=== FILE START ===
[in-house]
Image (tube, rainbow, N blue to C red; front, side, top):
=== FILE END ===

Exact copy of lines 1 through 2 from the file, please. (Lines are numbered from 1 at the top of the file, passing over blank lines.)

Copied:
[in-house]
Image (tube, rainbow, N blue to C red; front, side, top):